While Clinton Watts would not go so far as saying categorically that Trump and his campaign staff colluded with the Russians, it was clear he believed that Trump was not to be trusted. He indicated that he feared that his testimony before the committee would again prompt the Russians to seek vengeance on him personally in the form of cyber and disinformation attacks and that he didn’t trust the Trump administration to protect him. In his words, “My biggest concern right now is, I don’t know what the American stance is on Russia, and who’s going to take care of me. I mean, after years in the army and the FBI… today I’m going to walk out of here and ain’t nobody going to be covering my back. I’m going to be on my own, and that’s very disconcerting.”
When piled on top of other recent developments, the Watts’ testimony in itself was very damaging to Trump and his administration, but at that point the situation had not yet reached critical mass. That happened a few hours ago when the media picked up the story that Michael Flynn has been seeking immunity from prosecution in exchange for his testimony before the Senate and House Intelligence Committees and the FBI. Given that Flynn has already been interviewed by the FBI but, according to his lawyer, still “certainly has story to tell and wants to tell it”, if I were a Trump staffer I would prioritize looking for that life jacket locker.
From perspective of the American public this was the point of no return. While Flynn may have other reasons for seeking immunity, he himself previously said about Clinton staffers that people don’t seek immunity if they haven’t committed a crime. In the minds of thoughtful Americans who been on the fence, giving Trump the benefit of the doubt and refusing to connect the dots between what would otherwise be a set of highly unlikely coincidences, this should be the turning point. This is where doubts turn into suspicions, where the possibility of collusion becomes a probability in peoples’ minds. Now an ever growing majority of the American public will begin to demand to know what exactly was going on between the Trump campaign staff and the Russians.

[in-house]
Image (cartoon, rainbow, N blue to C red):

There is no doubt that those who are ever loyal Trump supporters will find some way to rationalize all of this away, but they are in no means a majority of Americans. And this is by no means the end of the revelations; there very likely more shoes yet to fall. However, this is the point that some Republicans leaders who have held their noses and supported Trump will begin distance themselves from this debacle. To do otherwise might be political suicide. Trump’s favorability ratings are likely to take yet another hit, and if they do, Republican Congressmen from even red districts will be forced to reevaluate their unwavering support of the President. I also believe that from this point forward, it will be much more difficult for Trump to distract the media with absurd tweets as he has done so often in the past.
I could be wrong, but I firmly believe this is a turning point. I believe the tide has turned.